4. Review the characteristics of the available insurance products. Design features of permanent insurance determine: a. whether the policy is a general obligation of the insurance company, a separate obligation unique to the bank, or a combination of the two; b. whether the insurance contract is a modified endowment contract that contains certain tax penalties if surrendered; and c. the use of credit earnings to the policy. When purchasing insurance on a key man, management and the board should consider whether the bank’s need for the insurance might end before the death of the insured.
5. Carrier selection. To achieve the tax benefits of insurance, institutions must hold BOLI policies until the death of the insured. Therefore, carrier selection is one of the most critical decisions in a BOLI purchase and one that can have long-term consequences. The bank alone retains the responsibility for carrier selection. Management should review the carrier’s commitment to the BOLI product, as well as its credit rating, general reputation, experience in the marketplace, and past performance.
6. Determine the reasonableness of compensation provided to the insured employee if the insurance results in additional compensation. Insurance arrangements that are funded by the institution and that permit the insured officer or employee to designate a beneficiary are a common way to provide additional compensation and other benefits to the insured.
7. Analyze the associated risk. And to this we add, analyze the ability to monitor and respond to those risks. The bank’s pre-purchase analysis must include a thorough evaluation of all significant risks (as enumerated below), as well as management’s ability to identify, measure, monitor, and control those risks.
8. Evaluation of alternatives. Regardless of the purpose of the BOLI, a comprehensive pre-purchase analysis should include an analysis of available alternatives. Prior to acquiring BOLI, the bank should have thoroughly analyzed the risk and benefits, compared to alternative methods for recovering costs associated with the loss of key persons, including pre- and post-retirement employee benefits.
9. Document the decision. A well-managed institution must maintain adequate documentation supporting its comprehensive pre-purchase analysis, including an analysis of both the types and designs of products purchased and the overall level of BOLI holdings.
•••The purchase of BOLI can be an effective way for the bank to manage exposure arising from its commitment to provide competitive employee benefits. Consistent with safe and sound banking practices, the bank must, however, understand the risks associated with the product. By addressing the risk issues with a pre-purchase analysis, the bank will, at the least, know if the tune is “bearable” while they waltz! BJ
BOLI PART II
Now that you’re dancing
with the “BOLI bear,” how to maintain harmony?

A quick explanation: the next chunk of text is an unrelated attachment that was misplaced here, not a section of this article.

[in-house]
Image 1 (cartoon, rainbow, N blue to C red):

You don’t want the bear stepping on your foot—or worse.
In the first article in this report, the authors addressed the pre-purchase analysis recommended by banking agencies and the Office of Thrift Supervision issued in December 2004 in an inter-agency statement (OCC 2004-56) regarding the purchase and risk management of bank owned life insurance. The article also covered pending regulations regarding annual reporting, from the Treasury and IRS.
In the first article, we suggested that selecting a bank-owned life insurance strategy is much like dancing with a bear—you don’t stop dancing until the bear stops dancing! So how do we make sure that the music remains “danceable” throughout your BOLI experience? The interagency statement suggests that banks incorporate a comprehensive risk management strategy with the introduction of BOLI into the bank’s employee benefit strategy. This second article, in part, summarizes the FDIC’s advice regarding ongoing risk management.
In approaching this matter, it is important to keep in mind that only a limited number of life insurance companies have been in the BOLI market. In recent years, many of these carriers have been acquired; suffered rating downgrades by one or more of the major independent rating services; and/or ceased selling BOLI products.
Also, from an investment standpoint, staying in step on the BOLI dance floor can be a problem. BOLI is not an investment, but a strategy to assist in offsetting the costs of employee benefits. Nevertheless, the bank’s board must apply investment analysis to determine if this product is an appropriate vehicle for meeting those expenses.
A BOLI program can be an effective way for the bank to manage exposure arising from its commitment to provide employee compensation and pre- and post-retirement benefits. Consistent with safe and sound banking practices, the bank must, however, implement a risk management process that provides for the identification and control of such risks. A meaningful ongoing monitoring program, reliable accounting process and accurate assessment of risk-based capital requirements are all components of the type of risk management process the agencies expect institutions to employ.